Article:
- The United States is neutral toward the various Afghan factions fighting in that country, but our neutrality does not extend to violations of international norms of behavior. We condemn Taliban human rights violations, particularly against women and girls.
- The United States does not plan to extend diplomatic recognition to the Taliban or the Northern Alliance. We do not plan to recognize any government unless it is broad-based, representative of all Afghans and respects international norms of behavior in human rights, including the human rights of women and girls.
- The United States has taken a leadership role in the region and in the United Nations to promote peace in Afghanistan. We believe the United Nations is central to the peace process and support the efforts of the Secretary General’s Special Envoy, Ambassador Lakhdar Brahimi, and the work of the United Nations Special Mission to Afghanistan. We participate in the Group of Six Plus Two (the six countries bordering Afghanistan: Pakistan, Iran Turkmenistan, Uzbekistan, Tajikistan and China, plus the U.S. and Russia) in a serious attempt to see how progress can be made toward a peaceful negotiated settlement.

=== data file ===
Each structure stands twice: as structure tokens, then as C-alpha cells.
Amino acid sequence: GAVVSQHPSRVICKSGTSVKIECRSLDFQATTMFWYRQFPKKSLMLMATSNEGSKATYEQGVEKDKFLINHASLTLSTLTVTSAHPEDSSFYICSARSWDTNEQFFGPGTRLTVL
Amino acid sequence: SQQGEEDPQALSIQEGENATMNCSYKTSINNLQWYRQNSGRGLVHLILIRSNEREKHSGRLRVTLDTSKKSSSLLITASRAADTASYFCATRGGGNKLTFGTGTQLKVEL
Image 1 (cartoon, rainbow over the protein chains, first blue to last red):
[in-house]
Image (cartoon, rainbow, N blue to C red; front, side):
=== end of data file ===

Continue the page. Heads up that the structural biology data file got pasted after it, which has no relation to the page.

- The United States has a commitment to providing humanitarian assistance to women and girls of Afghanistan. United States officials play a key role in making the issue of assistance to women in Afghanistan a major focus of the donors’ Afghanistan Support Group. In 1997 the United States government contributed $26.4 million to the United Nations High Commission on Refugees (UNHCR), the International Committee of the Red Cross (ICRC) and the World Food Program to run a variety of programs that directly benefit Afghan women and girls. This was nearly a quarter of the total funding for the UNHCR and ICRC programs.